Each day is a new adventure in both script and recording sessions. For the show we record in a group, for that genuine reads that play off your fellow actors. I go in the morning to Cartoon Network Studios, after looking at the script and storyboards a couple of days beforehand, and eagerly I wait to meet my fellow actors in the green room. Once I have done my fair share of fanboying at the person I’ve met (Carolina Ravassa, Yuri Lowenthal, Fred Tatasciore, Dee Bradley Baker, Tom Kenny, the lovely Cristinas [Vee and Milizia], the list goes on and on) we go in to record the episode. We laugh, tell jokes, stories and overall have an amazing time whilst enjoying each other’s work as our respective characters on the show. Each session is truly an amazing experience.
Was there anything in particular that drew you to the production?
The story and premise of the show. Half-brothers or not, I have a brother and I know what it is like to be different and sometimes that leads to adventures and cool experiences while still having that healthy brotherly tough love. That, as well as the supernatural Mesoamerican-based culture. I am Latino and was raised by my beloved Abuela as well as my parents. To see and learn more about my culture is beautiful in itself, and this show does a great job of turning it into something for all to see.
What are you looking forward to for the release of Series Two?
I am just really looking forward to every episode. This project is something that I truly love and adore with all of my being. I can’t wait for everyone else to enjoy it.
The show airs on Cartoon Network, how is it working on one of their productions?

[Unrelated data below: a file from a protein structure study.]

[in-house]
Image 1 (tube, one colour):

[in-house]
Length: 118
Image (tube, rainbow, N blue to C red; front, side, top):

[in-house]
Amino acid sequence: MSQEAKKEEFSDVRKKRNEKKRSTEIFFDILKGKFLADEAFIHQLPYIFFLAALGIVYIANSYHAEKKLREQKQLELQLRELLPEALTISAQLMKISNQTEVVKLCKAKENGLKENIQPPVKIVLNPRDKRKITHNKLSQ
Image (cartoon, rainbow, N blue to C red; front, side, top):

Cartoon Network is an amazing company. The way they run things, the environment in the workplace, and the appreciation for art creates an incredibly friendly vibe just walking in the door.
You voiced the role of Olly in Dive Olly Dive!, was this your first voiceover series to work on?
It was the first voiceover job that I ever did and I must say that it was the greatest introduction into the industry a kid actor could ask for. Bob Doucette and Peter Anderson were the kindest people to me and the employees at the studio we recorded at treated me like a little brother. That show holds a special place in my heart.
Do you have a fondest memory from your time involved with the show?
Every single session was a fond memory and honestly, I don’t think I can pick one. I used to have a hard time laughing on cue so Bob and Peter would crack jokes to make me laugh. The staff at the studio where we recorded were also incredibly nice, at one point they remembered my favourite snacks so each time I came in they would have some fresh popcorn ready for me as well as grapes. For the first job I ever worked on in the industry, it was quite a special one. The people I worked with were kind and Dive Olly Dive! will always hold a very special place in my heart.